WOMEN

According to the CAUT Almanac, 30.9% of tenured and 43.3% of tenure-track full-time academic staff in Canada are women. At Carleton, the percentage of full-time female academic staff in CUASA is 36.5%. Female academic staff tend to be younger than their male counterparts and are entering full-time positions at a higher rate which is raising the percentage of female academic staff.

However, there is still substantial work to be done to ensure equity between male and female academic staff. Salaries for women still tend to be lower for doing the same work. Nationally in major disciplines, salaries for female academic staff are between 88 and 94% of those for men.

WHAT IS SEXISM?

Sexism is discrimination based on a person’s gender. Normally, this relates to belief that the characteristics of one gender mean that individuals of that gender are more suited to completion of certain occupations or tasks. Traditionally, sexism has been used to mean discrimination by men against women.

In the workplace, sexism most commonly takes the form of wage discrimination. Although there have been steps to address pay equity issues, there is still a persistent gap between Canadian academic staff salaries for men and women. More information can be found in the CAUT Equity Review. Other issues that women encounter in the workplace are discriminatory hiring practices based on occupation (i.e.: ‘men are better at X profession’) and the ‘glass ceiling’, which is said to limit merit based achievement based on gender.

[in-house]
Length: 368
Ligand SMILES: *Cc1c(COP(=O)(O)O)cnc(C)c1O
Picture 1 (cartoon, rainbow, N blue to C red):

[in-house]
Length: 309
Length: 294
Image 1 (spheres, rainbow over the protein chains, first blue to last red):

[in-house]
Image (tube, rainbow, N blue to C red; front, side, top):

HOW DOES SEXISM IMPACT ACADEMIC STAFF?

The impact of racism on academic staff is primarily the same as discrimination in any other workplace. Sexism can impact everything from an academic’s feeling of belonging in their department to their career progression. Discrimination of all kinds limits the scope of scholarship for marginalized groups as a result of the privliege given to traditional forms of research. As noted above, it also has an impact on salaries – something that many employers (and the government) continue to work on addressing.

WHERE CAN I GET HELP WITH EQUITY ISSUES?

If you are an academic staff member and the issue relates to your employment at Carleton, you can contact CUASA. In addition, Carleton’s Equity Services maintains a list of resources available for members of equity seeking groups. If you are on campus and are facing an immediate threat to your physical safety, contact Campus Safety at 613-520-4444.

A representation of equality between the male and female symbols (photo information)

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